I need to ask you about Claire.
Jack Spencer (Aidan Bristow) is a high school football star recovering from an injury that left him hospitalized. While he is in the hospital, classmate Claire White (Jennifer Baute) is struck and killed by a drunk driver. Jack didn’t know Claire, but when things begin to look as if she admired him from afar, he becomes fascinated by her and sets out to try and discover who this girl really was. When Jack believes that Claire was killed on her way to see him a simple fascination turns into an obsession that sends his life, and the lives of his friends, spiraling out of control.
It all started with a picture, a simple panoramic of the senior class. Sitting behind Jack Spencer is the late Claire White, looking down at him like a girl in love. You wouldn’t think from the title, but Claire is a love story; unconventional and obsessive, but a love story nonetheless. It’s also a drama and a mystery, and this combination makes for an enjoyable film watching experience.
On the surface Jack has it all, but in reality this star athlete’s life is in flux. Jack’s mother isn’t around, his relationship with his father is strained, and his friendships are superficial. So it’s no wonder he falls for a girl he doesn’t even know. No one seems to have known Claire very well at all, so Jack searches out her best friend, Sally (Tybee Diskin), hoping she can shed some light on the enigma that was Claire. However, their relationship was on the skids because Sally betrayed Claire, and all she can tell Jack is that Claire had a mystery love interest. Jack is convinced that he was the object of Claire’s affection when he discovers she was killed near the hospital where he was a patient while on her way to see this mystery man.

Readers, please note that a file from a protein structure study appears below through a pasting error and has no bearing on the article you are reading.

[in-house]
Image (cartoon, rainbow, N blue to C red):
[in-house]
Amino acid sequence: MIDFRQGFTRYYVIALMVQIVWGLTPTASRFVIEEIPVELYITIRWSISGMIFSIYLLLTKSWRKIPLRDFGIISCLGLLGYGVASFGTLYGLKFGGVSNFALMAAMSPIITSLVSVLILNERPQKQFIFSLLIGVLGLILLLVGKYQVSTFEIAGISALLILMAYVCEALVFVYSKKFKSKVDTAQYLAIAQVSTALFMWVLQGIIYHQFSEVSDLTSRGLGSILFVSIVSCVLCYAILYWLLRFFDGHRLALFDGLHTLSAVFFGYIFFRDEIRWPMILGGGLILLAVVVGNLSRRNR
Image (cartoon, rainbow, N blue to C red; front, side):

Writer/director Dan Ast’s script treats these high school students as multidimensional characters, and not the shallow caricatures we often see in films of this type. I might’ve graduated a hundred years ago, but I remember that high school can suck, even for the kids considered the elite of their school. Those feelings of angst and awkwardness transcend generations, and Ast does a great job of making his young charges relatable — even to those of us who haven’t set foot in a high school since Martha Quinn was a VJ on MTV (and when the M actually stood for music).
This young cast of not so famous faces are fantastic, especially Aidan Bristow as the smitten Jack. He portrays the young man with such honesty it is easy for us to believe his descent down a very destructive road. Jennifer Baute is captivating as Claire; a girl we get to know through flashbacks, photos, those who were acquainted with her, and the musings she wrote on her blog. But Claire is a puzzle, one that Jack falls in love with, and desperately tries to piece together as his real life falls apart.
Claire is a 1.78:1 widescreen presentation, and although it was not blessed with a massive budget, Monarch’s standard def DVD transfer provides clear images, sharp colors and good lighting. The dialogue is easy to decipher thanks to the Dolby stereo audio. Extras include several behind the scenes featurettes, as well as an audio commentary with the filmmakers and some of the actors from the film.
It’s takes a very good script to hold my interest, when the film’s tagline gives the story away, but Claire does just that. With good writing and
capable actors, we get a story of far more depth than your average teen angst movie.
Claire might be dead, but the film is very much alive. Not Guilty.
2014, Monarch Home Entertainment, 98 minutes, NR (2013)
VIDEO: 1.78:1 AUDIO: Dolby Digital 2.0 Stereo (English) SUBTITLES: None
EXTRAS: Commentaries, Featurettes ACCOMPLICES: IMDB